The same steel plate acts as the mechanical backbone of the whole 
array. 

2.3 Coil Design 

The differential excitation mode was selected to provide coordinate 
addressing of crosspoints. Fig. 5 reviews this principle as applied to a 
series ferreed. Each crosspoint has two sets of windings — one for each 
coordinate. Each set contains a winding of N turns on one side of the 
shunt plate and one with a larger number, typically 2N, on the other 
side. The 2iV-turn winding is connected series opposing the A^-turn 
winding. One pair of windings is in series with the corresponding pairs 
of all crosspoints in the same row, while the other is in series with the 
pairs of all crosspoints in the same column of the array. As the paired 
windings oppose each other, energization produces the release state in 
every crosspoint energized, except the one where both pairs of windings 



THE FERREED 5 

are energized simultaneously — the crosspoint at the intersection of the 
energized row and the column. 

The logic inherent to differential excitation was found to be well 
suited to network array operation, in which, in general, only one cross- 
point in each row or column need be operated. 

No separate release actions are required, as operating a crosspoint 
automatically releases other crosspoints associated with the same row 
and column. 

The design of the coils has to take in account the energization re- 
quirements of a single crosspoint as well as the system requirement 



237 B SEALED CONTACTS 
2 PER MOLDED ASSEMBLY 



18-TURN COIL 



HORIZONTAL 
STRAPS 



COIL FORM- 




REMENDUR 
PLATES 



„--39-TURN COIL 



SHUNT PLATE 



Fig. 3 — Exploded view of the two-wire crosspoint ferreed. 



THE BELT, SYSTEM TECHNICAL JOURNAL, JANUARY 1904 




<j in ni — - <\j o 

saaisuBO ni Nouoauia ivixv 

3H± NI A1ISN31NI 01313 DI13N3VW 




J I L 



^ fi) (u - - ni pi t •o <o 

sa3isa3o ni Nouosaia ~ivixv 

3H1 NI A1ISN31NI Q13I3 0I13N3VW 



y\ v 



'i 1 



s 
x 



bi. 



THE FERREED 



MAGNETIC 
SHUNT 




(a) 



N 



X 0- 



^: 



KN 



SHUNT PLATE 



^. 



/■ 



\<L 



!~ 






KN 



K = 2 
N=19 



(b) 



Fig. 5 — Winding configuration for differential excitation of the series ferreed: 
(a) winding pattern, (b) mirror symbol notation. 



calling for simultaneous pulsing of 32 winding pairs in the process of 
establishing a connection through two stages of ferreed switches. 

In ESS, these considerations led to the adoption of coils with windings 
of 18 and 39 turns wound with 25-gauge copper wire. With these coils, 
the nominal operating current pulse of 10 amperes peak amplitude and 
250 microseconds duration insures adequate margins for both operation 
and release of the crosspoint. 

The coils are wound directly on the coil forms by a machine that 
winds eight rows (or columns) of crosspoints simultaneously in a con- 
tinuous succession, each with a single length of wire. This eliminates 



8 



THE BELL SYSTEM TECHNICAL JOURNAL, JANUARY 1964 



soldered connections between coils, thus reducing the winding cost and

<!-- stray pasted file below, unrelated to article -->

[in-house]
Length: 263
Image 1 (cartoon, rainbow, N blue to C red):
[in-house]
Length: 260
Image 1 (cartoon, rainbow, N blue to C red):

improving the reliability of the assembly. 

The winding sense is reversed in adjacent crosspoints. This magnetic 
"checkerboarding" was found to be an effective means for reducing 
magnetic interaction phenomena as well as the noise pickup in the 
transmission pairs due to ferreed energizing pulses. 

2.4 Crosspoint Arrays 

Switching network considerations led to selection of an 8 X 8 cross- 
point array as a basic network building block. In Fig. 6, such an array 
is shown. In addition, specifically for the concentrating stages of the 
network, several other array types were required: a switch providing 
each of 16 input terminal pairs with an access to 4 out of 8 available 
outputs, and 8X4 and 4X4 switches. It was found that each of these 
arrays could be derived from the basic 8X8 apparatus unit by suitably 
changing the connections of the control windings and the voice-pair 
strappings. Fig. 7 shows these connections for all the developed ferreed 




Fig. 6 — An 8 X 8 ferreed switch with covers removed. 



THE FERREED 



( .) 



switch types. As can be expected, this standardization of the physical 
size and component parts of the switches has eased the manufacturing 
and the network equipment design problems. 

The connections shown between the ends of the row and column 
control winding chains stem from the access scheme adopted in the 
network design. In this scheme, identical current is applied to both 
coordinates by connecting them effectively in series when energizing a 
crosspoint at their intersection. 




\ — I T 




12 13 

J L 



1 1 I i- 



T T T T 



(a) 




Fig. 7 — Control winding interconnection for three types of two-wire switches: 
(a) 16 X 4/8, (b) 8X4, and (c) 8X8. 



10 THE BELL SYSTEM TECHNICAL JOURNAL, JANUARY 1964 

III. DESIGN TECHNIQUE 

When the problem of designing the ferreed was first approached, it 
was found that the usual lumped-constant, linear magnetic circuit 
approach, while sufficient to yield a workable device, did not provide 
the means for its optimization; neither did it give an assurance of 
margins in face of tolerance allowances that have to be made for the 
whole structure, and variations in reed contact properties and in the 
magnetic properties of Remendur. Several attempts were made to refine 
the analytical tools toward this end. While providing qualitative in- 
sight into the operation of the device, they were frustrated from attain- 
ing the ultimate goal of a quantitative, explicit solution by the complex- 
ity of the problem caused by the rather difficult geometry and the 
essential nonlinearity of the magnetic materials. 

As a result, the refinements in the ferreed design had to be based 
largely on experimental techniques. Over the years, numerous experi- 
mental ferreed study techniques have been devised. These include the 
use of search coils with integrators, hysteresis measurements of reeds 
and the remanent magnetic members, Hall probes in the crosspoint